Nevertheless, the journey toward increasing the value of managing technology risk is under way. After all, says Lageschulte, the necessity for business to be nimble is requiring risk management to be nimble — otherwise risk management becomes irrelevant. “The risk of not adopting new technologies is clear — you’ll quickly find yourself disrupted or a laggard in your industry, or worse yet, bankrupt,” he says. “Our advocacy and promotion has always been to responsibly manage the risk and reward of disruptive technologies — we would never say no to a technology. But it’s about how to do it responsibly and having that business acumen to manage and measure those risks.”
However, a surprising survey result was the remaining disconnect between the perceived value of managing technology risk and actual investment. The vast majority — 88% — of tech risk leaders believe technology risk is driving value for the organization.
Only 49% of respondents, however, say they will increase their technology risk spend over the next three years. “That seems like a direct disconnect to business rationale — we would have expected a corresponding increase in spending,” says Lageschulte.
In the end, organizations may simply learn from mistakes and incidents, he adds: “That will drive us to see more investment in that area — it is what has happened in the financial services space.”
A forward-looking view of technology risk: How to add value
The next generation of technology risk management (which will be discussed in-depth in part 2 of this series) will need to be agile and dynamic enough to keep up with the pace of change. According to Lageschulte, these are some important ways to add value to the technology risk function:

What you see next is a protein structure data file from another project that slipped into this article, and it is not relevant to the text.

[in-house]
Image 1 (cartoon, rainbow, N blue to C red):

1. By improving core blocking and tackling of technology risk management.
Technology risk organizations need to expand their value proposition by being more effective at using data and information to provide results. They need to make sure they are looking at the right KRIs; that they are looking at the right metrics to present to the board; that they have good quality data to use; and that they use automation, RPA or even AI to do analysis that is more effective and efficient.
2. By being a more proactive enabler of the business.
The technology risk function needs to be closer and more responsive to the business, says Lageschulte. “They need to have a seat at the table in the strategy of business, as opposed to hearing about it after the fact,” he explains. That requires a business acumen view rather than a technologist view — that is, a balance between the technologist being a technology risk leader and someone from the business leading the risk technology function.
3. By finding the right talent.
Finding the right talent for a dynamic, agile technology risk function is certainly a challenge when it has been traditionally grown from the technology side and not the business side, Lageschulte explains. “There has been an increase in the demand for individuals with the skill set and capability that the marketplace hasn’t followed,” he says. The future technology risk professional will need to demystify the risks of new, emerging technology and develop an agile tech risk framework with enough flexibility to respond to new risks.
The bottom line? Technology risk management needs to evolve to be prepared for the new world in which disruption is normal, Lageschulte says. “That means IT risk leaders must stop staring down at the steering wheel and look up at where the organization is driving.”